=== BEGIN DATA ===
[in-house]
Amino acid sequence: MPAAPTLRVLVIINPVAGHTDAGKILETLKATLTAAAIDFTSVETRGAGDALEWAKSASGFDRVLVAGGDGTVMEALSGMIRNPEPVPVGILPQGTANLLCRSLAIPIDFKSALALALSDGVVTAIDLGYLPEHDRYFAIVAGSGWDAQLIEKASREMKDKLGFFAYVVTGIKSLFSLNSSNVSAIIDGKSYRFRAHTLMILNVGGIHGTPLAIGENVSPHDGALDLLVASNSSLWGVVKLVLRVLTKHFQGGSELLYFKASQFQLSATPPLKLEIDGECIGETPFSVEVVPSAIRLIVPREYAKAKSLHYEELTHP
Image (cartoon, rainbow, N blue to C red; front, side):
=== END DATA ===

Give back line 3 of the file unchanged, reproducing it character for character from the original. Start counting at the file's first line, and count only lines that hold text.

Image (cartoon, rainbow, N blue to C red; front, side):